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It's official, wine is not good for us

It seems that the studies that proved wine was beneficial to us failed to mention the exact quantity that needs to be drunk

ANDREW J. LINN

What has been hailed as the definitive verdict on the benefits and dangers of alcohol, red wine specifically, was published last week.

According to Professor Sir Ian Gilmore, liver specialist and chair of the Alcohol Health Alliance UK, red wine is not good for us.

We all welcomed previous scientific studies demonstrating that the resveratrol content of wine may be positive, but it has been shown that we would need to drink it in pint glasses to have any positive cardiovascular outcomes.

There is no question that the polyphenol in wine, via the resveratrol element, is good for us, but the studies involved giving mice such enormous amounts, equivalent to 100 bottles of wine in one go, that it is surprising they didn't die of shock.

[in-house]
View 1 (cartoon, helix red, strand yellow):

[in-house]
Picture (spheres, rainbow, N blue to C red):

Polyphenols are not unique to red wine: they are found in blueberries and other red fruit. Nor is it accurate to maintain that we need to drink red wine to get the health benefits.

Alcohol consumption causes about 200 medical conditions, so it is incorrect to believe we can drink to get the benefits without also increasing our risk of other types of diseases.

The World Heart Foundation published a research summary and policy brief in January which showed that alcohol is definitely not good for cardiovascular health.

And what about abstainers? Around one in five adults don't drink at all, and research has shown them to be on average in worse health than people who are moderate drinkers. But nobody should ever drink because they think it's good for them